Monday, May 1, 2017

Help for Patients Who Just Can’t Recover

Courtesy of Eating Disorders Review

A Swedish study applies the case management approach for enduring eating disorders.
Some patients with severe eating disorders just don’t get better despite long-term treatment, and may go on to develop severe and enduring eating disorders (SEED). An eating disorders center in Stockholm is currently testing a case management system to help such patients (J Eat Disord. 2016; 4:24).
In 2014, the Stockholm Centre for Eating Disorders at the Karolinska Institute designed a new treatment unit, Eira, especially designed for SEED patients. A team at the Karolinksa Institute recently described their ongoing study investigating whether an individualized case management program approach could improve SEED patients’ quality of life, help control their healthcare costs, reduce eating disorder symptoms, and improve access to and voluntary use of available health care.
Patients who are candidates for case management often are seriously ill and in distress because of physical and financial strain, social problems, combined with anxiety, depression and compulsive behaviors. Ironically, some SEED patients appear to be well and thus are ambivalent about treatment. For some clinicians, a patient who has “tried everything” without a positive result may appear “unmotivated” and subsequently dismissed from treatment.
Case management systems
In the past, case management approaches have been aimed at adult patients with severe mental disabilities such as schizophrenia, severe addictive disorders, and psychoses. The case management method offers individualized care, which may last a few months to several years, and there is no time limit for the intervention.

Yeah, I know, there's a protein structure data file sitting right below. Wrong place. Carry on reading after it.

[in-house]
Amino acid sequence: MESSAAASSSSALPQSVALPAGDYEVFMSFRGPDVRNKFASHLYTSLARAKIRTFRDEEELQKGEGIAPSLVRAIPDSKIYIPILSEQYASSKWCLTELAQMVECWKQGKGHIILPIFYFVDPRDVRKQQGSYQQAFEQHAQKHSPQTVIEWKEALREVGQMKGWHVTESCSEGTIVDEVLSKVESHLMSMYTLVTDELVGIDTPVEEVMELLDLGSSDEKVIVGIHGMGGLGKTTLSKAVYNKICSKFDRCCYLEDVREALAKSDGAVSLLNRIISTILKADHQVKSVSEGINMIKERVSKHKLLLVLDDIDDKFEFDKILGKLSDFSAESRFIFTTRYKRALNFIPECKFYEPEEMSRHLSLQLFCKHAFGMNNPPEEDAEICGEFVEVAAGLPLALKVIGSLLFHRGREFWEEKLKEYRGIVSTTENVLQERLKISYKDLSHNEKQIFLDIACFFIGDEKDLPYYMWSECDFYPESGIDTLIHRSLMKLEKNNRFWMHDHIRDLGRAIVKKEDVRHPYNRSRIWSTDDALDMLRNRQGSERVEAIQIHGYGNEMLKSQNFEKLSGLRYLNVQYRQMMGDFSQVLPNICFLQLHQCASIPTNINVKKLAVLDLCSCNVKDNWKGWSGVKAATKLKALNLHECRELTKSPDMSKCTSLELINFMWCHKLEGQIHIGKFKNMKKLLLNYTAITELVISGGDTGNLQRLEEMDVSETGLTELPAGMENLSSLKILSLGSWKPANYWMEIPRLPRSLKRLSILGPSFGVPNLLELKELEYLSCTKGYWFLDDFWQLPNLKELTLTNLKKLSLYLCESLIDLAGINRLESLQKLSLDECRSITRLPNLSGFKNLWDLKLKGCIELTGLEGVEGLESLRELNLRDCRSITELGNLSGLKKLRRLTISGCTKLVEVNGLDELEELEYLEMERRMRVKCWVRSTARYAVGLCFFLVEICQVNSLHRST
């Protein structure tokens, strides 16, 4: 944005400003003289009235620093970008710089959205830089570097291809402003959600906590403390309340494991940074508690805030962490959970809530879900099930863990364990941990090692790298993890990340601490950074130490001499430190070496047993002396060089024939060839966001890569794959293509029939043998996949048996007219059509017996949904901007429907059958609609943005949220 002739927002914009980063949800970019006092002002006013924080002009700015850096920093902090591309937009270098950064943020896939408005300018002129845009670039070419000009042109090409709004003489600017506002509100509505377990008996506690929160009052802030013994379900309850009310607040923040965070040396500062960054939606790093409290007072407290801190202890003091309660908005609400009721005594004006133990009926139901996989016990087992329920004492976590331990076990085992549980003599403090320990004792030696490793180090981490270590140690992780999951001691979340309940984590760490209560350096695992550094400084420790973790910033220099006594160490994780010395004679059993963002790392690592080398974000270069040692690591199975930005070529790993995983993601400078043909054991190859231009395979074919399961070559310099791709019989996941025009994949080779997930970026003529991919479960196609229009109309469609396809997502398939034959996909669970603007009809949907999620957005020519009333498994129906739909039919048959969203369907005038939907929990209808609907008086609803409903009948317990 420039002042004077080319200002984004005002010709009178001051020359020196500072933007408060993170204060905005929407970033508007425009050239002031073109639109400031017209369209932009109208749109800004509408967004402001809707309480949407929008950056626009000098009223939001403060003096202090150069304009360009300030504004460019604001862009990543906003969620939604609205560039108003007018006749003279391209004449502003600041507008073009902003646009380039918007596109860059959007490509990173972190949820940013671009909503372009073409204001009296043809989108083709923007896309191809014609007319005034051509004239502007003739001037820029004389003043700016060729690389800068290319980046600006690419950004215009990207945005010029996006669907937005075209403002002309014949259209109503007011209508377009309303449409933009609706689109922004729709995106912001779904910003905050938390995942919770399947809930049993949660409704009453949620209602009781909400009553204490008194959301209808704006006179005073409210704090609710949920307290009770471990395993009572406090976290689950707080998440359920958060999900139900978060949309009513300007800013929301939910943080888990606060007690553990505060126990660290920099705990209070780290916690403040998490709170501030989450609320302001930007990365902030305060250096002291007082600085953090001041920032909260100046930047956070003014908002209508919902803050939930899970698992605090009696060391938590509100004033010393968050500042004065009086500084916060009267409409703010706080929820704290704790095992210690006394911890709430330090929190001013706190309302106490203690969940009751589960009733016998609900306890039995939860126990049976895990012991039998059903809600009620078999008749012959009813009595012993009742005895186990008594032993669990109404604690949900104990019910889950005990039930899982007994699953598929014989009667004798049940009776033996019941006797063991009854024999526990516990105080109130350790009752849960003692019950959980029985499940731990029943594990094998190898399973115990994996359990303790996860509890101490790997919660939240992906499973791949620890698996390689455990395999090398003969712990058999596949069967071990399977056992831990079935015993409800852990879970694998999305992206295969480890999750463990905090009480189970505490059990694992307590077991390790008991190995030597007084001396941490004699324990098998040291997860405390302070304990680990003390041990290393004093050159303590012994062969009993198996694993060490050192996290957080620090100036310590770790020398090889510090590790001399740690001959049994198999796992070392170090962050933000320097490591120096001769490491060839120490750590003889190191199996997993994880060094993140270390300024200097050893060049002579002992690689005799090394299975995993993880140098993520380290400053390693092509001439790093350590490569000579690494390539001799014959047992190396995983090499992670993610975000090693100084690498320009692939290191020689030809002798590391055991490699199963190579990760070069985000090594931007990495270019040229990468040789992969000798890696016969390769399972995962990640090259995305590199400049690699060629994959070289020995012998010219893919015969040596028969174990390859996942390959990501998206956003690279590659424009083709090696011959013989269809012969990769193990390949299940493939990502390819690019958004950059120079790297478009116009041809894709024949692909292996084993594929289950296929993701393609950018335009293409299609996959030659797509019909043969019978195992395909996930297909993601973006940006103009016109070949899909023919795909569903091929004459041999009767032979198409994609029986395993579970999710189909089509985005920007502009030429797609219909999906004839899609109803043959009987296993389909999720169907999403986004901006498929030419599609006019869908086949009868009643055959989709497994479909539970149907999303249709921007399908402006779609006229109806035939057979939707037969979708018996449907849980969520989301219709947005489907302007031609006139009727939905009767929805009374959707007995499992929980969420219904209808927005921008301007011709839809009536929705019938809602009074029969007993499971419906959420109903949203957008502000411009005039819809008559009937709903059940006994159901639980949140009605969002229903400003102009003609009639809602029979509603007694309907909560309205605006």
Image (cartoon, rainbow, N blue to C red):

The Eira unit accepts patients who have had an ED for at least 10 years and who have failed at least three treatment programs. All patients undergo a semi-structured diagnostic interview, a qualitative interview, and then complete several self-report questionnaires. Data from medical records are also collected. The program is designed so that the diagnostic interview and self-report assessments are done at follow-ups after 1, 2, and 3 years in the program.
The program can manage up to 30 patients simultaneously. The main activity involves clinical contact with a clinical case manager through supportive conversations. The case manager also has a role in treatment, for example, by providing social training, ways to control symptoms, and family support. According to the authors, the individual patient’s needs and references drive the frequency, setting, and form of the meetings. With the patient’s consent, relatives are invited to participate in the intervention, and special lectures for family members (without the patient) are offered twice a year. According to the authors, clinical outcome and cost-effectiveness will be carefully analyzed at the end of the current study.
The authors also note that the program offers an alternative to more traditional treatment, which is aimed at reducing the patient’s symptoms; instead, the case management approach prioritizes function and quality of life. It will be of great interest to see the final outcomes of this study.

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